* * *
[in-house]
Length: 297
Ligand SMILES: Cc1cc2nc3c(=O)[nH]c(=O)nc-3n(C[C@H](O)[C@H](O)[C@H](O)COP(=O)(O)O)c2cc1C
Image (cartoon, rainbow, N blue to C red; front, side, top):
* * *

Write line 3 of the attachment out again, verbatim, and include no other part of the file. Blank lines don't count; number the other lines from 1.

Ligand SMILES: Cc1cc2nc3c(=O)[nH]c(=O)nc-3n(C[C@H](O)[C@H](O)[C@H](O)COP(=O)(O)O)c2cc1C